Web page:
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Briar Rose (Anglais) Belle reliure – 4 octobre 2008

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"Gemma, tell your story again," Shana begged, putting her arms around her grandmother and breathing in that special smell of talcum and lemon that seemed to belong only to her. Lire la première page
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Couverture | Copyright | Extrait | Quatrième de couverture
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Amazon.com: 220 commentaires
33 internautes sur 35 ont trouvé ce commentaire utile 
Stunning novel, but with one glaring flaw 6 décembre 2007
Par S. Weiner - Publié sur Amazon.com
Format: Poche
I tend to disagree with the reviewers who say this book is unsuitable for readers under 14. I was 9 or 10 when I first read it 15 years ago and though I may not have grasped everything in it with quite the same degree of understanding that I bring to it nowadays, it certainly wasn't unsuitable. Children are far more capable of handling dark subject matter than most adults will admit. As for the 'homosexual themes' I've seen some reviewers mention... The Nazis persecuted homosexuals nearly as zealously as they persecuted the Jews. This is historical fact, and one that tends to be overlooked. Kudos to Jane Yolen for addressing it. I wouldn't necessarily hand this book to a child under 10, but it's definitely appropriate for 6th graders and up.

As for the book itself, Yolen does a lovely job of interweaving past and present, fairy tale and reality. "Gemma's" version of Briar Rose has long been one of my favorite modern retellings. There are some issues with the book--the shallowness of the minor characters, the inordinate convenience of Josef Potocki's appearance in the story--but these are easily brushed aside due to the cruel beauty of the fairy tale, which is indisputably the highlight of the novel. The only major problem is this:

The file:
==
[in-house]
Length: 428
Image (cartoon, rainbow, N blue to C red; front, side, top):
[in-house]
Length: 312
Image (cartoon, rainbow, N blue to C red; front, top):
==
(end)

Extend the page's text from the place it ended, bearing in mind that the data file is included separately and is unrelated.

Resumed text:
Granted, the characters believed Gemma came to the US before the war. But. Are we truly to believe that a Jewish family descended from an Eastern European immigrant never made the connection between the details in Gemma's unique telling of Briar Rose and the Nazis? Big black boots, shiny silver eagles, deadly "mist", and no one but the heroine lives happily ever after, yet none of them picked up on the Nazi references? I can't say it bothered me when I first read this book--I was a child, after all--but in subsequent readings it has jolted me out of the story. It was necessary for the plot to develop in the manner Yolen desired, but I can't help feeling that there are other ways she might have handled it so that this unrealistic device didn't intrude on the story.